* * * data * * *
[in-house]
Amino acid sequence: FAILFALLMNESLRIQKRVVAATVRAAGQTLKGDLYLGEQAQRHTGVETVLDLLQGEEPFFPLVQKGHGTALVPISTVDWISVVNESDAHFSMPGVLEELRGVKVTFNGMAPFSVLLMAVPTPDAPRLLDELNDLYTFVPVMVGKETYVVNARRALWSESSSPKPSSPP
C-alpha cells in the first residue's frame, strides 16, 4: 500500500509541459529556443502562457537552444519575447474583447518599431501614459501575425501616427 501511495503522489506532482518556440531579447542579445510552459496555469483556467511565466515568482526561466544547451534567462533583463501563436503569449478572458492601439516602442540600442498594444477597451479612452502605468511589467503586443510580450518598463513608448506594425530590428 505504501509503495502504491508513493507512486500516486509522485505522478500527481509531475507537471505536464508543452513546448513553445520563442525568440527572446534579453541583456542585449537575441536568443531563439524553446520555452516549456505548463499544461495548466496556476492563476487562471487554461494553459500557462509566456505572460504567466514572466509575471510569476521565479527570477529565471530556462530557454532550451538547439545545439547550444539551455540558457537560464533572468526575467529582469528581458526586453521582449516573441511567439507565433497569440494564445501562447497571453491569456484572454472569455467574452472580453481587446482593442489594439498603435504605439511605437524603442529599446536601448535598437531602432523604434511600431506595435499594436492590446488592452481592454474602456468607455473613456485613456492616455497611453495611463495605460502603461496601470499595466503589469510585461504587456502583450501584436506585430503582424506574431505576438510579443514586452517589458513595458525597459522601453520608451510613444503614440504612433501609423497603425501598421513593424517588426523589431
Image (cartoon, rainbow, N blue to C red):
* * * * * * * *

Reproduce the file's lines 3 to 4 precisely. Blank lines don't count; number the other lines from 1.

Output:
C-alpha cells in the first residue's frame, strides 16, 4: 500500500509541459529556443502562457537552444519575447474583447518599431501614459501575425501616427 501511495503522489506532482518556440531579447542579445510552459496555469483556467511565466515568482526561466544547451534567462533583463501563436503569449478572458492601439516602442540600442498594444477597451479612452502605468511589467503586443510580450518598463513608448506594425530590428 505504501509503495502504491508513493507512486500516486509522485505522478500527481509531475507537471505536464508543452513546448513553445520563442525568440527572446534579453541583456542585449537575441536568443531563439524553446520555452516549456505548463499544461495548466496556476492563476487562471487554461494553459500557462509566456505572460504567466514572466509575471510569476521565479527570477529565471530556462530557454532550451538547439545545439547550444539551455540558457537560464533572468526575467529582469528581458526586453521582449516573441511567439507565433497569440494564445501562447497571453491569456484572454472569455467574452472580453481587446482593442489594439498603435504605439511605437524603442529599446536601448535598437531602432523604434511600431506595435499594436492590446488592452481592454474602456468607455473613456485613456492616455497611453495611463495605460502603461496601470499595466503589469510585461504587456502583450501584436506585430503582424506574431505576438510579443514586452517589458513595458525597459522601453520608451510613444503614440504612433501609423497603425501598421513593424517588426523589431
Image (cartoon, rainbow, N blue to C red):